5 years worth of hoops jumped through correctly, each at the precise height, angle and speed required by the medical school. Final OSCEs and written examinations completed. Now it was just a question of waiting for results for the final time and despite going through this every year for the past 4 years the waiting period did not get easier.
The deaneries (hospitals we were allocated to for our first jobs) were already tempting fate by beginning correspondence with: “Dear Doctor…” Talk about counting chickens before any eggs had hatched. We weren’t doctors yet and I certainly didn’t want to use that title until I’d definitely passed. I’m not normally superstitious and definitely don’t have a pair of lucky red exam pants but whilst waiting for results, I didn’t want to tempt fate.
I know a consultant surgeon who wears a particular surgical cap for every procedure. The one time he forgot, he used a disposable one but the procedure didn’t go well. Now he ensures he is always wearing this one surgical cap. Doctors are evidence based. How can a cap affect surgical outcomes? Superstition seems to thread its skinny fingers into any tiny cracks and pries them open.
Results day eventually came and we found out the usual way by logging on with our candidate numbers. Upon seeing the notification, my hands wouldn’t move at the same speed as my brain and it took forever to physically click on the link. In the time it took to wait for the page to open I felt as though I could have made a cup of tea – and drank it.
‘Control Copy, Control Paste’ candidate number. Double, triple and quadruple check. Each time it still said: “Written Examinations: Pass, OSCEs: Pass” !!!
MSL, you shall become a doctor!
* * *
Last week I became a Foundation Year 1 (F1) doctor! We had a few days of induction and shadowing the outgoing F1 doctors. They moved to their F2 jobs and we stepped into their quite large and well-worn shoes. The responsibility was overwhelming and the list of jobs generated by ward rounds seemed to keep growing (plus there is that dreaded bleep). Supposedly we will get quicker but we survived week 1 and the nurses were amazing! Thank you nurses.
Right now I still find it hard to believe I’m doing this. It wasn’t until recently when it sank in that actually I had become a doctor – and I nearly had a wobbly emotional moment.
Has it been worth it? I still don’t know but so far it has been a privilege. As an F1 my job is mostly quite routine, lots of paperwork, organising and ensuring all patients are seen on ward rounds (you’d be surprised how easy a patient could be missed, especially outliers – those patients on other wards but who are still your responsibility), prescribing: fluids; analgesia; anti-emetics; routine meds and completing the dreaded admin paperwork required to discharge patients. All straightforward but there is so much of it with so many interruptions from nurses chasing you on tasks.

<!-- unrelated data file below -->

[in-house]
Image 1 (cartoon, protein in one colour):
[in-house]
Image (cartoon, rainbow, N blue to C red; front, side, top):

However, there have been times when I’ve been asked to see unwell patients or those in such pain and I’ve been able to make a difference. One day, I was stopped in the corridor, “Excuse me!” Expecting to be asked directions, I looked up but recognised her as the wife of a patient I had seen over the weekend shift. She said: “I don’t know your name but I wanted to say thank you for explaining everything and being there for my husband. I’ve told all the staff on the ward about you too…” It was such a sincere encounter that gave me a satisfying feeling of accomplishment and its moments like these that help to make it all worth it.
In terms of financial reward, if money is important to you there are easier ways to earn a similar salary and if you’re quitting an existing job you might never recoup earnings lost whilst studying. Needless to say, don’t do it for money.
Having little control over your quality of life outside of work, missing weddings and important family or friends’ events and not being able to see your own family in sociable hours are sacrifices to come.
someone not only moved the goalposts but at the same time smeared a little bit of Type 6 all over them too
Finally, practically all clinical staff are concerned about the future of the NHS which is undergoing transition. It feels like things are in a bit of a mess and there are still huge uncertainties with junior doctor contracts. I’m ecstatic to have qualified but the ongoing politics have tarnished that feeling of achievement. It feels as though whilst we had our heads down working hard, someone not only moved the goalposts but at the same time smeared a little bit of Type 6 over them too. Hopefully this will be fixed soon.
In retrospect would I do it again? If I knew it would have been so challenging with so much life disruption I’d think twice, but ultimately still have done it. I think most medical students and applicants have a special kind of stubborn blind (or crystal clear?) determination in terms of achieving objectives. I’ve never met a group with such a high level of motivation. If I could go back in time to warn my old “medical school applicant” self about the road ahead, I don’t think I would listen.